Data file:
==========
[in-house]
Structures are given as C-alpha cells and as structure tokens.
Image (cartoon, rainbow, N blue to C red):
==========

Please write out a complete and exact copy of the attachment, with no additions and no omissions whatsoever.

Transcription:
[in-house]
Structures are given as C-alpha cells and as structure tokens.
Image (cartoon, rainbow, N blue to C red):